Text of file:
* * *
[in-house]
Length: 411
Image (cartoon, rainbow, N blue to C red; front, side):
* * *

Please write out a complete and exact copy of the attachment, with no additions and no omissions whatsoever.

[in-house]
Length: 411
Image (cartoon, rainbow, N blue to C red; front, side):